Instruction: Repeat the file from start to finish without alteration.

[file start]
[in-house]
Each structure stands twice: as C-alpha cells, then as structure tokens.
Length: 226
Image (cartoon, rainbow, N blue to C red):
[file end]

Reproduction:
[in-house]
Each structure stands twice: as C-alpha cells, then as structure tokens.
Length: 226
Image (cartoon, rainbow, N blue to C red):